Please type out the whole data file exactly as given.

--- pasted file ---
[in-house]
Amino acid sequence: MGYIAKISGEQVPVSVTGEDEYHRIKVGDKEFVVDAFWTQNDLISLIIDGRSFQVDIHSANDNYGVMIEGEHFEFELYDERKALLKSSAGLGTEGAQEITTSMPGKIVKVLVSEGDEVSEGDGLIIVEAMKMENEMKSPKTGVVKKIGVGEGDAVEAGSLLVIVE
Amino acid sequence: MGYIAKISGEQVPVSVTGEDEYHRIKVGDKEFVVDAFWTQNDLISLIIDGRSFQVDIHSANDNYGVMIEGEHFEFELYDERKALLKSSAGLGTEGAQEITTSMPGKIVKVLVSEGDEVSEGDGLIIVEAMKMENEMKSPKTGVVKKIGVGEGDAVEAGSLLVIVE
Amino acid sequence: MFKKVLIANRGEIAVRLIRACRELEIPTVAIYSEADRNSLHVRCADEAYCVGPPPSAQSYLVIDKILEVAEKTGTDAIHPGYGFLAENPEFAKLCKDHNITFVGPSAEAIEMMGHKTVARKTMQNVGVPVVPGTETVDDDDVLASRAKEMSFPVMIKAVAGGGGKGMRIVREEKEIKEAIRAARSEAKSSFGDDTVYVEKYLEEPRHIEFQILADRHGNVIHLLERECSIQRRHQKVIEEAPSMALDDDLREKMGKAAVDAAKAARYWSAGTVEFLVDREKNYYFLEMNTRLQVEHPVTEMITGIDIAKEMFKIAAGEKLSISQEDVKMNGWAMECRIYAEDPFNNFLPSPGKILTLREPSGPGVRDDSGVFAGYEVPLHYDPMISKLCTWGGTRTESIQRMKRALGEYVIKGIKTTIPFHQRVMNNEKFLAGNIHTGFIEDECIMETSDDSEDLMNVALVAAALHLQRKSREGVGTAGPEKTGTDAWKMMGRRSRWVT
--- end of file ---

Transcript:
[in-house]
Amino acid sequence: MGYIAKISGEQVPVSVTGEDEYHRIKVGDKEFVVDAFWTQNDLISLIIDGRSFQVDIHSANDNYGVMIEGEHFEFELYDERKALLKSSAGLGTEGAQEITTSMPGKIVKVLVSEGDEVSEGDGLIIVEAMKMENEMKSPKTGVVKKIGVGEGDAVEAGSLLVIVE
Amino acid sequence: MGYIAKISGEQVPVSVTGEDEYHRIKVGDKEFVVDAFWTQNDLISLIIDGRSFQVDIHSANDNYGVMIEGEHFEFELYDERKALLKSSAGLGTEGAQEITTSMPGKIVKVLVSEGDEVSEGDGLIIVEAMKMENEMKSPKTGVVKKIGVGEGDAVEAGSLLVIVE
Amino acid sequence: MFKKVLIANRGEIAVRLIRACRELEIPTVAIYSEADRNSLHVRCADEAYCVGPPPSAQSYLVIDKILEVAEKTGTDAIHPGYGFLAENPEFAKLCKDHNITFVGPSAEAIEMMGHKTVARKTMQNVGVPVVPGTETVDDDDVLASRAKEMSFPVMIKAVAGGGGKGMRIVREEKEIKEAIRAARSEAKSSFGDDTVYVEKYLEEPRHIEFQILADRHGNVIHLLERECSIQRRHQKVIEEAPSMALDDDLREKMGKAAVDAAKAARYWSAGTVEFLVDREKNYYFLEMNTRLQVEHPVTEMITGIDIAKEMFKIAAGEKLSISQEDVKMNGWAMECRIYAEDPFNNFLPSPGKILTLREPSGPGVRDDSGVFAGYEVPLHYDPMISKLCTWGGTRTESIQRMKRALGEYVIKGIKTTIPFHQRVMNNEKFLAGNIHTGFIEDECIMETSDDSEDLMNVALVAAALHLQRKSREGVGTAGPEKTGTDAWKMMGRRSRWVT